There has been no shortage of films that celebrate cinema: 8½, Cinema Paradiso, Hugo, to name but a few. Sam Mendes has given it a go but Empire of Light is more akin to Kenneth Branagh's Belfast than anything else – a fictional exploration of his childhood and the social-economic landscape at the time. For Mendes, that is 1980 where cinemas were community spaces for healing and connection.
Whilst Mendes does find that humanity within the film's Empire Cinema, it is only effective within individual scenes rather than as a collective whole. By tackling not just the magic of cinema but community, romance, racism, mental illness and more, Empire of Light is stretched thin and suffers for it – even with an amazing cast and gorgeous technical elements.
Hilary (Olivia Colman) manages a seafront cinema that has seen better days. Whilst the grand entrance and even grander screening room evokes golden age era splendour, the upstairs section – containing a dance hall and additional screens – is shut off and in ruins. Whilst wholly dedicated to her job, there is a sense that Hilary isn't too happy with life. She struggles to socialise at work or outside, and has an unfulfilling, one-sided affair with the cinema's manager Mr. Ellis (Colin Firth).
Things change however when new employee Stephen (Michael Ward) joins the front of house team. Hilary and Stephen quickly bond and fall for each other, but keep their romance a secret in the pigeon-infested upstairs floor. As well as their growing romance, Hilary deals with severe mental illness, Stephen faces racism from a rising far-right movement, and the cinema prepares for the premiere screening of Chariots of Fire. If it sounds like a lot, that's because it is.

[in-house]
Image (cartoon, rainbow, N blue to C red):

This is Mendes' first solo credit as a writer and unfortunately that shows. The biggest problem is that there's at least four different movies in this under two hour film. Each sensitive issue doesn't have the time or space required to be effective, and in the end comes off as surface-level and even problematic. Whilst there are fleeting moments that suggest the idea of cinema as a community space for healing, the film never gets that across in a meaningful way. Some individual scenes are quite effective though, but that is mainly thanks to the performances and creative team behind the film.
Empire of Light might have a mess of a script, but the cast and crew prevent this from being a total disaster – which isn't too surprising when you have Britain's best in front and behind the camera. Colman is magnificent as always, showing off how funny she can be as well as emotionally complex. Ward is effortlessly charming and engaging but the script doesn't give him the time or material he so deserves. The whole cast make the film a breeze to watch: Tom Brooke is hilarious and heart-warming, Toby Jones brings wit and passion, and Firth is deliciously despicable.
Probably the most talked about aspect of Empire of Light will be how gorgeous it is. The legendary Roger Deakins conjures up striking compositions with stunning lighting. Yellow neon light from the cinema's signage soaks the leads' faces and plenty of silhouettes can be found before expansive backdrops. Designer Mark Tildesley brings the 80's seaside town to life and the score from Trett Reznor and Atticus Ross is quietly compelling.
Mendes has exclaimed that Empire of Light is deeply personal to him, evoking his own upbringing, but that personal nostalgia is never felt. The many, many themes and narrative strands never fully connect and makes the film feel too disconnected and messy. Saving the project, however, is the incredible cast and crew who give it their all. Empire of Light fails to meaningfully capture the magic of cinema, but it does a great job of showing off the immense power of British talent.